Schnitzler said he was instrumental in creating many of the business protocols used at Port City Java, including the franchise model. In the current recession economy when new franchises in all business sectors are down, Schnitzler said he is using the lull period to improve the model.

One shift is to concentrate new franchising efforts in North and South Carolina. Port City Java owns 13 coffeehouses. Twenty-one others are franchised, two are licensed and there are two Port City Java international cafes. The company has operations in five states and three countries.

Focused growth

“Were going to narrow our focus as far as our growth. We really feel there’s a ton of opportunities focusing on the Carolinas and expanding just on what we already do,” he said.

Sixteen company and franchise locations are currently in operation just in the Wilmington area.

Through the “No Royalty” promotion, Schnitzler hopes to expand the scope of company operations throughout the Caro­linas, particularly in the Raleigh area.

“Port City Java’s main concentration is franchise expansion in North Carolina and South Carolina, primarily targeting Raleigh through 2010,” Schnitzler said in a prepared statement released after the interview with Greater Wilmington Business Journal.

The Raleigh market “offers the best opportunity for development,” Schnitzler said.

The company is looking to expand to university and college locations. There are four successful Port City Java cafes currently operating on the North Carolina State University campus in Raleigh, with two more under construction.

“The university franchise model we have developed with North Carolina State University has been extremely successful,” Schnitzler said. “We have achieved solid brand recognition there. More than 40,000 students and faculty are already sold on the brand.”

The promotion will help new franchisees minimize investment and cash flow needs in the current economy, Schnitzler said.

“There are many multi-unit operators who have capitalized on their current concept and are now seeking to a new way to grow and offer opportunities to their own management team,” he said.

A “constant state of self analysis” is important for growth of the company, Schnitzler believes.

“I think our goal is to become the best regional chain of coffeehouses. We’re from the Carolinas and we’re going to focus on growth in the Carolinas for the next several years at least,” he said.

“There’s a tremendous amount of opportunity just in this area and we feel the best way going forward is to concentrate on that regional growth and not really to try to expand outside that area for now.”

Port City Java has about 165 local employees between its coffeehouses and roasting operation, Schnitzler said.

The economy factor

Schnitzler said the company is bearing up well to the nationwide recession. For the most part, he said, customers continue to make Port City Java part of their daily routine.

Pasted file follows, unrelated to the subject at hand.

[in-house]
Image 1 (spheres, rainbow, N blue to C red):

“The economy is, of course, affecting everybody and the great news for us is we haven’t seen a major impact in individual café sales. What we have seen is some folks going from a latte to a regular coffee,” Schnitzler said. “Port City Java is an affordable luxury and one of our goals is to become a part of our guests’ day. We like when folks leave our café that they refer to us as their café, not just a café. That’s a very important distinction.”

Schnitzler tells employees at his training seminars that a person can receive service from an ATM machine, but not hospitality.

“We absolutely focus on the hospitality aspect of what we do and I think that’s been instrumental in allowing us to weather the economy perhaps better than some others might be,” he said.

“Having said that, from the franchising side it certainly has an impact on how many individuals are seeking to open a brand new business right now, so we’re taking advantage of that down time to analyze everything we do within that franchise model to make sure that we are doing the best possible job” to offer “the best return on investment for potential franchisees that we possibly can.”

Schnitzler is also looking at possible additions to the Port City Java menu, which  includes a successful selection of breakfast wraps and sandwiches introduced last year. That could include new varieties of muffins or tortillas for sandwich wraps, he said.

But the bread and butter of the business will always be coffee. Schnitzler said he and others at Port City Java are sticklers for a high-quality product.

Each prepared at the company’s roastery on Market Street is
tested daily.

“The standards we have and the testing that goes on with the coffee is amazingly rigorous,” he said. “I want my coffee to taste the same every day. My first cup of coffee borders on a religious experience.”

Despite potential distractions generated by the lawsuit, Schnitzler remains enthusiastic about all aspects of ort city Java. to him, the job is anything but a grind.

"I love coming to work in the morning," he said.